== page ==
Mobile Business Models in a 2.0 Economy [1]

Nancy Proctor

Mobile is changing the way museums do business—whether they are aware of it or not. As “the people formerly known as the audience” [2] increasingly expect information and experiences on demand, wherever and whenever they are, the market is growing for mobile products and services for and about museums. At the same time, museums are beginning to think of audiences in a more granular way, recognizing more variation in needs and interests among their visitors, partners and collaborators, both online and on-site. As a result, museums aspire to create mobile products and service that better suit specific audience groups and contexts. In response, a wide range of new players has entered the mobile scene, loosening the grip of the handful of audio tour companies who dominated the field for over 50 years. Start-up app companies and smartphone manufacturers, mobile network providers and social media gurus, students, freelance content developers, open data protagonists, “citizen curators,” new alliances among cultural organizations to co-create content—it seems that nearly every day new forces are emerging to radically reconfigure both the museum mobile landscape and its business models. [3]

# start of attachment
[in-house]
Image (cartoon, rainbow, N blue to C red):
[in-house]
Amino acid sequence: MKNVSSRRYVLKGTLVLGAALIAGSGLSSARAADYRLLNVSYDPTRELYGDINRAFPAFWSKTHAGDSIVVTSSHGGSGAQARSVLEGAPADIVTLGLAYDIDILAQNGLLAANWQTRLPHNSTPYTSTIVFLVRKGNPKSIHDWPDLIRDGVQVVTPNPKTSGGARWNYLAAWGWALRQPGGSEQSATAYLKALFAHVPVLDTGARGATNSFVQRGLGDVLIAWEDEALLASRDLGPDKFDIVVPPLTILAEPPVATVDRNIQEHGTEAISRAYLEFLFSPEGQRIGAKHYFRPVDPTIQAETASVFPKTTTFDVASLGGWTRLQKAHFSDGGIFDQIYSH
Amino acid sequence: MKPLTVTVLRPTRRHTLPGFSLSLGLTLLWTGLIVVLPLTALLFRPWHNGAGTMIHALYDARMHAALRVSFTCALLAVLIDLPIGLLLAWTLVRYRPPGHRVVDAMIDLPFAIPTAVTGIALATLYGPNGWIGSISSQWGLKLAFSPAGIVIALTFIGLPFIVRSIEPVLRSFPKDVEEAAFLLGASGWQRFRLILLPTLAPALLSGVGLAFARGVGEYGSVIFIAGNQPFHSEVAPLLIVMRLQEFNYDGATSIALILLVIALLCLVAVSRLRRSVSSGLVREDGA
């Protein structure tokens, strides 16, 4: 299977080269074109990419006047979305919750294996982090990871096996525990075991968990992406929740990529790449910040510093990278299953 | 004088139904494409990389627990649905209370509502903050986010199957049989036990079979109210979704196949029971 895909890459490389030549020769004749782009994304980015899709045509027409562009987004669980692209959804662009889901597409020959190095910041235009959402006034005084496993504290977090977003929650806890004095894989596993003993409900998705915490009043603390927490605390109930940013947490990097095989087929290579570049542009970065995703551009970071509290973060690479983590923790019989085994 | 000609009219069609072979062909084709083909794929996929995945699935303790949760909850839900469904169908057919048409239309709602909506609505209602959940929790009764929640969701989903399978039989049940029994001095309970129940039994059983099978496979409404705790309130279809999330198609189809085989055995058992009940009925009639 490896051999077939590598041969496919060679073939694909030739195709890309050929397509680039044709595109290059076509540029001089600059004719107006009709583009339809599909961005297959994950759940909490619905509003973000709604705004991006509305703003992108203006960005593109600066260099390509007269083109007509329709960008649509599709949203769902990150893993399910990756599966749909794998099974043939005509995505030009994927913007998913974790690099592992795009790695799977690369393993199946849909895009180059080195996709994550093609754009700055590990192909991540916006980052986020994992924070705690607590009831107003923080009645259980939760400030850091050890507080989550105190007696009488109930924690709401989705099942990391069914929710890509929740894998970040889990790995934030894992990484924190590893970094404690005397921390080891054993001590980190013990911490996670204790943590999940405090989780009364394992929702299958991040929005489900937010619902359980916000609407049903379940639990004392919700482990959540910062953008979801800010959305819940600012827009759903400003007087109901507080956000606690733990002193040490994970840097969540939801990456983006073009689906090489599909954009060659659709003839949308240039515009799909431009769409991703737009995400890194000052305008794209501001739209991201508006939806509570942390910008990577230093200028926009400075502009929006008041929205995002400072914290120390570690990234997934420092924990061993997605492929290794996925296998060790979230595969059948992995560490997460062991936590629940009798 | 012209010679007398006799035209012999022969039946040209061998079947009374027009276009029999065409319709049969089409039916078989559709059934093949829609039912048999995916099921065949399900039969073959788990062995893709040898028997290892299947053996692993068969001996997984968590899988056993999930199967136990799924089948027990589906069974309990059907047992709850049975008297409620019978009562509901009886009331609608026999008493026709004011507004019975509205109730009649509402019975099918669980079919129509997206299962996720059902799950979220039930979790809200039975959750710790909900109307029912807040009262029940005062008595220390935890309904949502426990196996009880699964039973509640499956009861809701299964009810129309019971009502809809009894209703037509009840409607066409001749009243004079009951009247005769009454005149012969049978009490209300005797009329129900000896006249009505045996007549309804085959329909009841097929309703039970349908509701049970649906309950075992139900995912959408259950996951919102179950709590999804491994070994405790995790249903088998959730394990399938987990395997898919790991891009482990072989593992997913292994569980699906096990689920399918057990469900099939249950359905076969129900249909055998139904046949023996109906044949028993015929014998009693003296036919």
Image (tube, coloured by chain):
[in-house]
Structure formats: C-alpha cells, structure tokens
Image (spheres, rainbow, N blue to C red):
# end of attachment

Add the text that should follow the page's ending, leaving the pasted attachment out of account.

A review of the business strategies developed over the 60-year history of the audio tour [4] shows that some persist in this Mobile 2.0 economy; others are the result of new functions possible on handheld computing platforms and the new business interests that are bringing them to market. What hasn’t changed is that whether “free” or “paid for” by the end-user, there is always a cost to the museum to develop a mobile program. Following is a brief discussion of some of the main models museums are adopting to pay for their new mobile products and services, while also achieving their educational, outreach, and interpretive goals.